I’ve always wanted to catch The Philippine Madrigal Singers (or Madz, as their fans lovingly call them) live ever since I attended my first Choral concert for a requirement in College. If there’s any Philippine Choral group that you need to watch, its them. Fresh from their 2010 European Goodwill tour, the event served as both a homecoming and Anniversary Concert celebrating their recent visit in Italy, Spain and Jakarta, as well as the past 47 years of enthralling audiences all over the world with their own brand of choral music.
The program opened with the Choirmaster Mark Anthony Carpio’s remarks on what the Madz were up to for the past year (“Busy as Always..”), particularly highlighting their recent travel as UNESCO ambassadors for Peace and their receipt of the Guidoneum Award 2010 for their contributions to the Choral World, awarded by one of the prestigious Choral Competition organizers in Italy. He also mentioned that sales from the concert tickets will benefit the scholars of the Jesuit Foundation. It was nice to know that aside from enjoying the evening, we even get to help other people.
The first set was a repertoire of what they sang in Italy for the Guidoneum Award Concert. First few lines and I was muttering ‘adik’ under my breath already. The sound these guys make were CD quality – as if it was not live. Most of the songs were in Latin though, and while watching them I kinda realize that I probably still do not have enough taste to appreciate Classical Choral Music. Pang OPM at Pop Broadway-level palang ang appreciation ko. However, I do appreciate De Profundis, wherein I was hearing a dissonance between the high female voices. It was not a noise-like dissonance, but more of a dissonance that gelled together – adding to that eerie feeling the song had. And what actually amazed me is that it was live – no effects at all! (If they could sing something like that – they’ll probably could sing the Final Fantasy 8 theme Liberi Fatali without a hitch. That I’d pay to see!)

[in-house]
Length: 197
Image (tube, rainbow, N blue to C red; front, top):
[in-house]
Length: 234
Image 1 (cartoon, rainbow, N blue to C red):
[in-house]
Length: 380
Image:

In between sets was the performance of the kids from Philippine Montessori and Temple Hill International Schools. A bunch of 10-20 kids playing mostly xylophones and glockenspiels, I thought it was going to be just a typical performance – playing basic songs and whatnot. Well, of course I was wrong when they played complicated songs likeKatchaturian’s Saber Dance, Mozart’s Rondo Alla Turca. A suprise also was the Madz performing Prayer of St. Francis together with the kids, which received a Standing Ovation from the audience.
Next was the Second Set, which was lighter compared to their first set. There were also some Filipino songs like Hanggang, and Kahit Maputi na ang Buhok ko. The last song was a medley of makabayan songs like Isang Bansang Mayapa , and I particularly liked this number because it highlighted each member – and how imba, if I may use the term, the voices of their members are. The group of 20 or so were broken up to fours and given their own songs to sing, still with the same impeccable harmony, but with some vocal styling that you only hear from Pop Singers. They also were very gracious in giving in to the crowd’s request for an encore, which include a Mashup of Male Hits, performed with matching Comedic Effect, and The Circle of Life with matching Animal Sounds. Panalo Diba?
I’ll definitely be willing to see them in their future concerts, though I’ll probably attend one where they’ll sing Filipino or English Songs – wanting to satisfy my heartfelt singing needs being the emotional sap that I am. I realized that Latin, Italian, or any other language I do not understand does not really register that much.